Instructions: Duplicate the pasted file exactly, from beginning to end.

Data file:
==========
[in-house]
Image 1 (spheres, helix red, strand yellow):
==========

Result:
[in-house]
Image 1 (spheres, helix red, strand yellow):